Features attractive to those eager to avoid big tech include, says the report:

Older posts are also difficult to resurface, as there is no free text search, only searching for hashtags. This is by design and encourages users to be more comfortable sharing their thoughts in the moment without worrying about how that information will be used in the future. Blocking content is also difficult for the Great Firewall because it is shared across instances. Alive.bar might be blocked, but people on another domain can follow users there.

Will Chinese uptake of Mastodon cause the beast to multiply and go forth? With censorship and online incivility apparently on the rise, yep.

Stephen E Arnold, September 22, 2022

Facebook Reassures Users It Does Not Keep Data, Of Course

September 22, 2022

I bet Facebook, Google, Apple, and other big tech companies have an entire segment of their publicity department constantly writing press releases about how they do not sell nor store user data. Nudge. Nudge. Wink. Wink. They do. The Intercept intercepted another such damage control piece this time from the mouths of Facebook engineers: “Facebook Engineers: We Have No Idea Where We Keep Your Personal Data.”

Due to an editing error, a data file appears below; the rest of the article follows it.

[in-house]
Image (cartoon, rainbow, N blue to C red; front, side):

Two Facebook engineers were interrogated at the hearing regarding the Cambridge Analytica lawsuit about mishandling user information. The engineers were asked the crucial question: “What information, precisely, does Facebook store about us, and where is it?” They responded that they did not know.

Court-appointed, subject matter expert Daniel Garrie grilled the Facebook engineers and neither could tell him in which of Facebook’s fifty-five subsystems user information was stored. They also were unable to answer how to track down every bit of data associated with a single user account. The Facebook engineers are either speaking the truth or were coached, just like the publicity department: